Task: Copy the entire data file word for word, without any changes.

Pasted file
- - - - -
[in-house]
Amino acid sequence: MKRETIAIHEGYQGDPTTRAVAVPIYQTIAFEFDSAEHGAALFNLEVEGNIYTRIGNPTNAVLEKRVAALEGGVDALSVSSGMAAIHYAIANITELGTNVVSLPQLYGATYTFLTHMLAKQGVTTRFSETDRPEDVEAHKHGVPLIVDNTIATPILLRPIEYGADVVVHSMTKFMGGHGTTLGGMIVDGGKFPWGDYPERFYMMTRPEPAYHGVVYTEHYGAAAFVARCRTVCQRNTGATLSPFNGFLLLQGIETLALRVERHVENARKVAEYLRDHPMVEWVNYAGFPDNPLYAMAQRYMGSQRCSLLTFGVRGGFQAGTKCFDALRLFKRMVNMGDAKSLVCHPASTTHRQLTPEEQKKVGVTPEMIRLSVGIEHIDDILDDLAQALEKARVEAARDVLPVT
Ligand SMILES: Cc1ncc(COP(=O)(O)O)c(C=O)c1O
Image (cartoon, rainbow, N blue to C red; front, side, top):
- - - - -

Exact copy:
[in-house]
Amino acid sequence: MKRETIAIHEGYQGDPTTRAVAVPIYQTIAFEFDSAEHGAALFNLEVEGNIYTRIGNPTNAVLEKRVAALEGGVDALSVSSGMAAIHYAIANITELGTNVVSLPQLYGATYTFLTHMLAKQGVTTRFSETDRPEDVEAHKHGVPLIVDNTIATPILLRPIEYGADVVVHSMTKFMGGHGTTLGGMIVDGGKFPWGDYPERFYMMTRPEPAYHGVVYTEHYGAAAFVARCRTVCQRNTGATLSPFNGFLLLQGIETLALRVERHVENARKVAEYLRDHPMVEWVNYAGFPDNPLYAMAQRYMGSQRCSLLTFGVRGGFQAGTKCFDALRLFKRMVNMGDAKSLVCHPASTTHRQLTPEEQKKVGVTPEMIRLSVGIEHIDDILDDLAQALEKARVEAARDVLPVT
Ligand SMILES: Cc1ncc(COP(=O)(O)O)c(C=O)c1O
Image (cartoon, rainbow, N blue to C red; front, side, top):